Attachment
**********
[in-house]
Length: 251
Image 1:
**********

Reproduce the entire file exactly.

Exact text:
[in-house]
Length: 251
Image 1: